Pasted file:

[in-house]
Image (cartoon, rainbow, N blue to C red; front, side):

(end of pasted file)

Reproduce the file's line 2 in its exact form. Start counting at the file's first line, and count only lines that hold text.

Image (cartoon, rainbow, N blue to C red; front, side):